Centralised monetary policy needed to manage inflation

Wong Chin Yoong

Monitoring of food prices should not be left to consumers to do by themselves, it requires centralised co-ordination. – The Malaysian Insight file pic, February 2, 2023.

ECONOMY Minister Rafizi Ramli said some weeks ago: “Theoretically when inflation rises quickly, then the way to limit the demand is to increase the overnight policy rate (OPR), so that there is less money in the pocket.

“I’m not sure how significant OPR would be on inflation. It remains to be seen, because the main driver of inflation is food prices, like the food away from home.

“If Bank Negara Malaysia (BNM) decided to maintain the OPR at the risk of fuelling inflation, in order to have the best of both worlds – interest rate maintained at 2.75% while inflation is receding – consumers have to play the role of monitoring the unfair pricing practices.”

He is right to point out where the shadow of the tree falls. Prices for food and non-alcoholic beverages, as well as hotels and restaurants, have been stubbornly high for months.

Of all the subgroups in food and non-alcoholic beverages, food away from home, meat, together with milk, cheese, and eggs, are where the sins reside.

However, Rafizi’s prescription doesn’t live up to the root of the problem.

What is happening is an increase in prices generally across the board, rather than predatory pricing by a particular business entity, unless we are ready to believe that all hotels, restaurants, cafes, hawkers, and mamak stalls are conspiring to bump up prices, collective monitoring is irrelevant at best, and counterproductive at worst.

Rafizi must be smart enough to realise that collective monitoring can only be effective under a centralised mechanism.

Intuition is no stranger to us. We never place the burden of monitoring bank loans on depositors, although they have every claim to stake in ensuring sustainability, simply because monitoring is costly and a sole burden, while the benefit of a successful intervention is shared by everyone.  

When the trade-off between private cost and benefit is on the down side, asking depositors to monitor in a decentralised and unco-ordinated fashion, is destined for a failure.

That is why we need BNM to supervise banks. Likewise, retail prices monitoring.

While arguments for collective monitoring may or may not earn him a political point, it certainly deserves no economic score.  

The view on monetary policy doesn’t sit well with Economics 101 either. Yes, borrowers have fewer ringgit to spend when BNM raises the interest rates.

Never forget though savers have more ringgit to spend in the future as well.

Therefore, an interest rate hike is not about taking away the money from your pocket, but redistributing it somewhere else.

It shifts the purchasing power from debtors with greater propensity to spend to creditors with lower willingness to spend, and it delays today’s spending further into the future so that overall spending grows slower now.

After all, food and beverages are not the only component in the computation of the consumer price index.

Stubbornly higher food inflation will be offset by the disinflation in interest-sensitive spending components, cooling off the overall inflation.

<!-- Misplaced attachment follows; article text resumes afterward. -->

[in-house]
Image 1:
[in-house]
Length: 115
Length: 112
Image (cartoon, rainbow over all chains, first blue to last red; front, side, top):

Think otherwise. Suppose monetary restraint is not in the picture, and purchasing power remains in the hands of the eager spenders.

Even if collective monitoring works to deter the greedy increases in food prices, sparing consumers the purchasing power, it is not difficult to see through what happens next: the strong purchasing power will cause inflation somewhere else.   

Monetary restraint as such, therefore, is always and everywhere effective – though with a delay – irrespective of the sources of inflation.

Until it is disavowed politically. By openly casting doubt on the viability of a monetary policy stance in the capacity of a minister of relevant portfolio, it runs the risk of jeopardising central bank credibility.

Losing the policy credibility, even by an inch, can be disastrous to the disinflation initiative.

At worst, we’re going to have the worst of both worlds: persistently high inflation and the catching-up rising interest rate at the expense of a potential recession.   

To bend the tree, not the shadow, let each authority play its role. Monetary policy was and is still the best tool in inflation moderation.

For the disinflation we’re witnessing now and in the coming months, while partly it can be attributed to the receding global supply shocks, interest rate hikes in previous months will be where the remaining credit is due.

However, monetary restraint can do nothing more than a business cycle moderation. Price stability over the long run requires a sustainable supply chain and productivity growth.

For this, the federal government has the absolute authoritative claim via tax incentives and financial transfer.       

Once financial and monetary authorities are at their best in doing their jobs, that’s when the people can have the best of both worlds. – February 2, 2023.

* Wong Chin Yoong is a professor of economics at Universiti Tunku Abdul Rahman, Kampar campus.

* This is the opinion of the writer or publication and does not necessarily represent the views of The Malaysian Insight. Article may be edited for brevity and clarity.

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